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BA owner makes sustainable jet fuel pledge

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Neil Lancefield, PA Transport Correspondent
·2-min read
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British Airways’ owner has become the first European airline group to commit to powering 10% of its flights with sustainable jet fuel by 2030.

International Airlines Group (IAG) said it will buy a million tonnes of sustainable aviation fuel every year, enabling it to cut its annual carbon emissions by two million tonnes by the end of the decade.

The company also announced it is the world’s first airline group to extend its net zero commitment to its supply chain.

It pledged to work with suppliers to enable them to achieve net zero emissions by 2050 for the products and services they provide.

IAG chief executive Luis Gallego said: “For more than a decade, IAG has led the airline industry’s actions to reduce its carbon footprint. It’s clearly challenging to transition to a low-carbon business model but, despite the current pandemic, we remain resolute in our climate commitments.

“Government support is critical to meet this target by attracting investment to construct sustainable aviation fuel plants that will deliver enough supply for the airline industry, creating highly valued green jobs and economic growth at global scale.”

Transport Secretary Grant Shapps said: “Just this week we’ve set the world’s most ambitious climate change target, and IAG’s agenda-setting commitment is clear evidence of the progress we are making.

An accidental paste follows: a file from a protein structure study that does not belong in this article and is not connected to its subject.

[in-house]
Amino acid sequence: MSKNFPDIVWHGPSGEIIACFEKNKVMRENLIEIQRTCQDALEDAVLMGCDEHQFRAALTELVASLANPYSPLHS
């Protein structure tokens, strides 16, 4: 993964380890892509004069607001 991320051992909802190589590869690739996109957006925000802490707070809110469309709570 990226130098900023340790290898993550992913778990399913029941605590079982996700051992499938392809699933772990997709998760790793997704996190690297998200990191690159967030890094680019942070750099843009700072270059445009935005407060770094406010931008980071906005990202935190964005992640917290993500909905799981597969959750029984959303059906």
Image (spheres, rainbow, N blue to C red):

Grant Shapps
Grant Shapps (House of Commons/PA)

“These kinds of initiatives, along with our work through the Jet Zero Council, will help us rapidly accelerate towards our net zero targets as we build back better out of the pandemic.”

Sustainable jet fuel is produced using materials other than crude oil, and produces around 70% less carbon emissions.

It is more expensive than traditional fuel, but it is hoped technological advances will reduce costs.

BA is investing in a scheme to generate jet fuel from household and commercial waste.

IAG, which also owns Aer Lingus, Iberia and Level, claimed that “with the right policy in place in the next 10 years” up to 14 plants producing sustainable fuel could be built across the UK, creating 6,500 jobs and saving 3.6 million tonnes of carbon per annum.